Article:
The day after New Year’s Eve was a bit of a “throw-away”. You can’t stay out until 6am when you’re 29-years-old and expect productivity when you wake up. We did little more than shuffle out of bed (late) in the afternoon and emerge into the land of the living only in time for an early dinner. We met my family and walked through London’s downtown Christmas lights amid misty rain before grabbing some dinner in the Covent Garden area (the restaurant name is as foggy to me as the night sky), vowing that tomorrow would be productive.
Everybody is allotted one day to “be a tourist” on any given trip. Since most of my endeavors involve moving to a new place a day or two after arrival, I normally spend my visits seeking out hidden gems and local secrets and avoiding “tourism” at all costs. I’ve never been a fan of the hype. But we were in London for a full 5 days and I decided to bend my rules a bit and do an abbreviated walking tour of some of London’s highlights the next day. There is something to be said about seeing the things that a city is known for, even if locals are reluctant to do so (as I am at home).
We started off towards Southwark in search of a full English breakfast. We learned quickly that England takes national holiday closings more seriously than America—it was nearly impossible to find an open spot for breakfast the Monday after New Year’s weekend. We settled on The Breakfast Club, a trendy chain restaurant with a queue (line) down the block, well known for hearty plates. Katie dug into her fried eggs, bacon, sausage, black pudding, home fries, mushrooms, Heinz beans, and grilled tomato with a look of sheer bliss.
After our insides were coated in grease, we wandered along the waterside for an exterior look at Big Ben, before crossing the Golden Jubilee Bridge towards the London Eye. The sun was sparkling in rare England glory, shimmering over the water as we crossed back over the bridge once more, and hopped in the Tube towards the Tower of London. Feeling tourism-fatigued already, we viewed everything from the outside rather than paying the admission fees.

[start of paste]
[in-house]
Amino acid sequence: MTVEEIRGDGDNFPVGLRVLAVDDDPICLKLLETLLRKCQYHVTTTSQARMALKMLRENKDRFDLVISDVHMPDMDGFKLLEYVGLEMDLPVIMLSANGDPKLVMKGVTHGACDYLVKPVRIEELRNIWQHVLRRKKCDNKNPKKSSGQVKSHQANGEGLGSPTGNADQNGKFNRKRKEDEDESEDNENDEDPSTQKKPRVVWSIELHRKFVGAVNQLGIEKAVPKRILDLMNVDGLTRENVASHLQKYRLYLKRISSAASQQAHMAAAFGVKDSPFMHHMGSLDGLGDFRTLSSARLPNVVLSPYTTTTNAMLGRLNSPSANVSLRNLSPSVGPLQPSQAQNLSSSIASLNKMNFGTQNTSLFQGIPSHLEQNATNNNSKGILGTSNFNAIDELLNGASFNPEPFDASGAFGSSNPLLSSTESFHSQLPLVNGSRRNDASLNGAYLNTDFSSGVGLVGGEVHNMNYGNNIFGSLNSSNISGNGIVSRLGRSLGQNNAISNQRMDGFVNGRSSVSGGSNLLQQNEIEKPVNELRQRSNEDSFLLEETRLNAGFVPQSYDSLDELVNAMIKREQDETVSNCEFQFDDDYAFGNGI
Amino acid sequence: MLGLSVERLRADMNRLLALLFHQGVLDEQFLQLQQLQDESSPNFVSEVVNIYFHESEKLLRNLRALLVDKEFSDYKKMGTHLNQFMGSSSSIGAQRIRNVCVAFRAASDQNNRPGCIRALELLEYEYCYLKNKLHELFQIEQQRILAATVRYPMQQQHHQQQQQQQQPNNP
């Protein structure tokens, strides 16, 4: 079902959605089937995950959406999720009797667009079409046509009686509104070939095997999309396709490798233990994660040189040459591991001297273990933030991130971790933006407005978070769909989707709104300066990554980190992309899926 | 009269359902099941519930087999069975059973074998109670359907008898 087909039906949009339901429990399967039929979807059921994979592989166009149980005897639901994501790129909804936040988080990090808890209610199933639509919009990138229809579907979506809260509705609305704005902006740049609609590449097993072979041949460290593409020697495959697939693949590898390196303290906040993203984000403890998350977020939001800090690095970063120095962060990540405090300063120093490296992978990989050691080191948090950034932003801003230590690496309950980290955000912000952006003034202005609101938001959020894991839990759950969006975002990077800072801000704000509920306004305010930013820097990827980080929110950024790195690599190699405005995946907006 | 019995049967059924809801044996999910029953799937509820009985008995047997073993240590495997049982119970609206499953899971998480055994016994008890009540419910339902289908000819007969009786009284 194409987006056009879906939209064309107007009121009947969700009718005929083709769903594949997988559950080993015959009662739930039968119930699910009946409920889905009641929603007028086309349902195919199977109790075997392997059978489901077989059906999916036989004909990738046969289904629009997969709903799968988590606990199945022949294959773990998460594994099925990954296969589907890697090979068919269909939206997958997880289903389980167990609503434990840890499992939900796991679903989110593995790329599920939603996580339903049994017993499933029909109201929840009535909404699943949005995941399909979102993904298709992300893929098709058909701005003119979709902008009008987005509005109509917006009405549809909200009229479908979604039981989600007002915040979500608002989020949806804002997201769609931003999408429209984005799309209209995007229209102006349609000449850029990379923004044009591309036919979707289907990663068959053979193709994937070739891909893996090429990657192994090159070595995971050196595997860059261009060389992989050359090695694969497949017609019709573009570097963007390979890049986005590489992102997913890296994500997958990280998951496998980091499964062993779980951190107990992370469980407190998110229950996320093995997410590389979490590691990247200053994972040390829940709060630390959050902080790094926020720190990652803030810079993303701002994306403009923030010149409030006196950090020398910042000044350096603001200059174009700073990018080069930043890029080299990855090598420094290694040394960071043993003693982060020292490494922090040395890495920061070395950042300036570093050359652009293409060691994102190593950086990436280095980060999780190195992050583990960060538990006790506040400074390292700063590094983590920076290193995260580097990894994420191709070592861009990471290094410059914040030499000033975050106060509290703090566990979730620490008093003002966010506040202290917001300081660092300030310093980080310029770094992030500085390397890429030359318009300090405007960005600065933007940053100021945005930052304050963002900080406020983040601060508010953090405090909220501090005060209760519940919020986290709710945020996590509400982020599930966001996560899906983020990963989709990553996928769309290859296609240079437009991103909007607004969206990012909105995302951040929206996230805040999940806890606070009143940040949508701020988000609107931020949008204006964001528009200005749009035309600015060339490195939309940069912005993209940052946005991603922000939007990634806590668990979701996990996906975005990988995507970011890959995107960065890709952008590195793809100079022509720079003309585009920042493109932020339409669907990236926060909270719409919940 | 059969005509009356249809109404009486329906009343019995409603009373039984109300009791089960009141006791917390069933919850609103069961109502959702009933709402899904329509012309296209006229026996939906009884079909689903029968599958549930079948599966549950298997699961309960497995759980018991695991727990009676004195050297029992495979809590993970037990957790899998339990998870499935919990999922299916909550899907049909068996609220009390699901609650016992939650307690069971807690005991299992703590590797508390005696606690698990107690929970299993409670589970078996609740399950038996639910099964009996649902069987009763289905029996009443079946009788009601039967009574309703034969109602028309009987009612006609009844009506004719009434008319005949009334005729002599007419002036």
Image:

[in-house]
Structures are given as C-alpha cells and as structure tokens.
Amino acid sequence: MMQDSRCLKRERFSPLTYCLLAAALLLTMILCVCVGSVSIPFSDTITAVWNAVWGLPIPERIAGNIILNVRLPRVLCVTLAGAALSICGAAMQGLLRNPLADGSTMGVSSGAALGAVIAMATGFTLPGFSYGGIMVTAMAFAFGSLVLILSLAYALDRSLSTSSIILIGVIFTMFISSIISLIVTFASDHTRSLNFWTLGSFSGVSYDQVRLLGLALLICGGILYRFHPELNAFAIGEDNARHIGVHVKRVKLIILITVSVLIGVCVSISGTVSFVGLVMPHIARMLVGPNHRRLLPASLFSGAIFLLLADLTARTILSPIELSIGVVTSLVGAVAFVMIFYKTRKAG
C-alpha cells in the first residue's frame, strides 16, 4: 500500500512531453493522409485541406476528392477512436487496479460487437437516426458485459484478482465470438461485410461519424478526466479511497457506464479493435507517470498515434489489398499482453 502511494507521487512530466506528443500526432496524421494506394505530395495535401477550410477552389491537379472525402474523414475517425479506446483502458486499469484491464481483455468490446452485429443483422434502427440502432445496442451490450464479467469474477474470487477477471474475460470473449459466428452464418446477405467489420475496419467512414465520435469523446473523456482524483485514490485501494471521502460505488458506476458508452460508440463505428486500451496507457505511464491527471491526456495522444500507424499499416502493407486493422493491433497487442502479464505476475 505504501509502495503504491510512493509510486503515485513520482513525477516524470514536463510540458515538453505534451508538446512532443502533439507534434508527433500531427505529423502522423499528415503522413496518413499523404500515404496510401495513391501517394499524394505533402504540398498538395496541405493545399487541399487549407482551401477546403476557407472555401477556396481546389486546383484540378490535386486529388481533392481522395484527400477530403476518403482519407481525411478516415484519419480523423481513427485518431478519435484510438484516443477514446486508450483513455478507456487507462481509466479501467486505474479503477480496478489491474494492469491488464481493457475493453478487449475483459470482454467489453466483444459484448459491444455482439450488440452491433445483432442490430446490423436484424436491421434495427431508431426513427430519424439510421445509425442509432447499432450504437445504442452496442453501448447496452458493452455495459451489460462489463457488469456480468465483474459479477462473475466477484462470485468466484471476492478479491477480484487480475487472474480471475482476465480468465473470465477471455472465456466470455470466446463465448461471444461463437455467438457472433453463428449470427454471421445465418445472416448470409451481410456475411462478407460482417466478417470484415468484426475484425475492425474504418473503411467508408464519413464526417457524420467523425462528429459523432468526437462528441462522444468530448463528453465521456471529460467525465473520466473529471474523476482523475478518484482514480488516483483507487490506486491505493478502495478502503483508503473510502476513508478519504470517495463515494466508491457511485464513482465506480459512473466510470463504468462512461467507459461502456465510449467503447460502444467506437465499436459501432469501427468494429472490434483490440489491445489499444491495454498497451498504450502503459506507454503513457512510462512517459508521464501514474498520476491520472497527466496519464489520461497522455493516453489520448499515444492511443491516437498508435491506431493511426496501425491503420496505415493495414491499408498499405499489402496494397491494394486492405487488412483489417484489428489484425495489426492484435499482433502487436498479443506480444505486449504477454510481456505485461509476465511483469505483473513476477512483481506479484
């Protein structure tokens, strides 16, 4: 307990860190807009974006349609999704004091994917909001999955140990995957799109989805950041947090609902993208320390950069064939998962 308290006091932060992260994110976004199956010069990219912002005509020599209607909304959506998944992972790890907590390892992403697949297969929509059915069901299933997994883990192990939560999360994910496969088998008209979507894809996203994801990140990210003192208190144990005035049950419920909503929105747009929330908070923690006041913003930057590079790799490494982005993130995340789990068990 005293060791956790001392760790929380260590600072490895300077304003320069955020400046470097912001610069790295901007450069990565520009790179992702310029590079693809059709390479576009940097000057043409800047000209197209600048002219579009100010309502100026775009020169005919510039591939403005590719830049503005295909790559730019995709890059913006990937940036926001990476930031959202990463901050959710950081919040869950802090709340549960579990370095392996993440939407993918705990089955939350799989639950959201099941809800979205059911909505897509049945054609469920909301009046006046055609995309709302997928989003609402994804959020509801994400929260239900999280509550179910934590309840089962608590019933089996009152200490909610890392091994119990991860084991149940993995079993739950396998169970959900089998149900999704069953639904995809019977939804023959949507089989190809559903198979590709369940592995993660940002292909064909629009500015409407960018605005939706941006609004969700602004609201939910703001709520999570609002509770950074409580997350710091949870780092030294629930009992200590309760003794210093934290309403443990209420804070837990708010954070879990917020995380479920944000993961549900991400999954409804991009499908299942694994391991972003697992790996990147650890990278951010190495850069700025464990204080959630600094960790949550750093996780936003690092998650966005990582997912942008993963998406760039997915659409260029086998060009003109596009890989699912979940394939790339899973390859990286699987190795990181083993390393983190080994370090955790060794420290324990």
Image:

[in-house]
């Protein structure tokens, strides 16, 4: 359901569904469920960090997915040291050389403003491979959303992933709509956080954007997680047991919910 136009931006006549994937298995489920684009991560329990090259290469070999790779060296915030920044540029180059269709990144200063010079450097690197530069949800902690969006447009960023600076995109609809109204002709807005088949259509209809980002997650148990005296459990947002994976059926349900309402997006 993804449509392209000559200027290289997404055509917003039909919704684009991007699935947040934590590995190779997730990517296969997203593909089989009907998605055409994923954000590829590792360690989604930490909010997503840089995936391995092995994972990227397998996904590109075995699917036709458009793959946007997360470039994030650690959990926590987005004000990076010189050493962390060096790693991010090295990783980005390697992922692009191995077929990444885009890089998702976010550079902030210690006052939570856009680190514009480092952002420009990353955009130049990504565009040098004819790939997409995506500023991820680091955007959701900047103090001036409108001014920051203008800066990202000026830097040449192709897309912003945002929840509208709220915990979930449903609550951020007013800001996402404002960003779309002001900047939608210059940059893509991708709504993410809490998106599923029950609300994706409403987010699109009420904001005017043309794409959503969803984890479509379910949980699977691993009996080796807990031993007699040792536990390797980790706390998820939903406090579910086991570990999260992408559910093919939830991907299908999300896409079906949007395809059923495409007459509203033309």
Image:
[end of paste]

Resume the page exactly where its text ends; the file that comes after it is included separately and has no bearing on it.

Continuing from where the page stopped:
Our final stop was a stroll down Shad Thames, a short pedestrian-only street hidden between rows of buildings that coil around corners and connect together with suspended walkways. The architecture across the city is unique and detailed, standing in contrast to newer structures and patches of green. The city has held onto most of its older-era buildings in a way that NYC seems to be losing back home. It made the city feel like a shiny, preserved antique.
That night, we set off to meet Katie’s cousins at a restaurant in Shoreditch called Homeslice. The meeting was unique—in a surreal and movie-like story, Katie’s mother, who is adopted, recently found her entire birth family residing in New Zealand. Two of Katie’s newly discovered younger cousins now live in London, and the meeting that night would be the first ever meeting between them all. We sat down to order a few crispy pizzas and pints with a hint of uncertainty, but soon relaxed into a surprisingly effortless evening of stories surrounding the unique circumstances that led to that meeting.
After dinner, we all grabbed a cocktail at a hidden speakeasy down a dark and quiet outdoor stairway called “Happiness Forgets”, which was so inconspicuous that we walked passed it twice before locating it. After sipping away inside the low-lit basement bar with tiny cocktail tables, made one last stop to meet a friend from Brussels who happened to be in London on the same evening—“travel” friends (those met initially while traveling) always have a way of coming back into your life when you least expect it.